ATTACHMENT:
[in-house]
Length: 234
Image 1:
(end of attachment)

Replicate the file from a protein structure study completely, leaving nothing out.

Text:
[in-house]
Length: 234
Image 1: